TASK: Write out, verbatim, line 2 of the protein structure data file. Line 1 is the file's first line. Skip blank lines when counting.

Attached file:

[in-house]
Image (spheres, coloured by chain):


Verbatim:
Image (spheres, coloured by chain):